MAKE SAFETY AN OUTDOOR RECREATION PRIORITY
Safe Kids Kansas offers families important outdoor safety tips
TOPEKA — Sleeping bag? Check. Hiking boots? Check. Safety guidelines? While the preparations for a family camping, boating, or hiking trip usually include a review of the necessary gear, parents should also review safety guidelines with their children, paying special attention to potential hazards specific to outdoor recreation.
Campfires, portable stoves, heaters, and fuel-burning lanterns all produce carbon monoxide (CO), a colorless and odorless gas that can poison a child very quickly. About 30 campers each year die of CO poisoning in the U.S. Never use any of these devices in an enclosed area, even a tent. In addition, make sure these devices — as well as campfires — are clear of flammable material, from paper napkins to dry grass.
Safe Kids Kansas recommends these safety guidelines around campfires and portable heating devices:
- keep matches and lighters out of the reach of children;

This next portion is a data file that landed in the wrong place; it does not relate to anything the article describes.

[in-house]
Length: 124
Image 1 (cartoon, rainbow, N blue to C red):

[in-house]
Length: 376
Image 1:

- always supervise children near a campfire or portable stove; and
- keep a bucket of water and a shovel near the fire at all times and extinguish the fire completely before going to sleep or leaving the site.
In addition, when camping and hiking keep these guidelines in mind:
- keep first aid supplies and emergency phone numbers handy and know where the nearest land-line phone is located;
- let friends and relatives know where you are going and when you are coming home;
- never let children hike alone;
- dress children in layers of clothing to help prevent heat-related illness and hypothermia;
- do not push kids to go on a longer or more strenuous hike than they can handle;
- use SPF 15 or higher sunscreen when outside;
- bring plenty of drinking water or sports drinks and high-energy snacks; and
- wear hiking boots and clothing that offers protection from scrapes and poisonous plants, as well as insect repellent.
Everyone loves the water in summer, so safety measures are in order here, too. Follow these guidelines whether wading, swimming, or boating:
- always supervise young children near water;
- insist that everyone wear personal flotation devices on boats;
- small children should wear PFDs whenever near open bodies of water;
- when boating, be able to recognize buoy markings and know how to use proper navigation lights;
- make sure boats have current safety inspections; and
- do not overload boats.
For more information about outdoor recreation safety, call 785-296-1223 or visit www.usa.safekids.org.